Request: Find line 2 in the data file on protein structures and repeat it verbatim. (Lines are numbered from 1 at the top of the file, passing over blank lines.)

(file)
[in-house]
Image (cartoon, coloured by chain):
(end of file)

Image (cartoon, coloured by chain):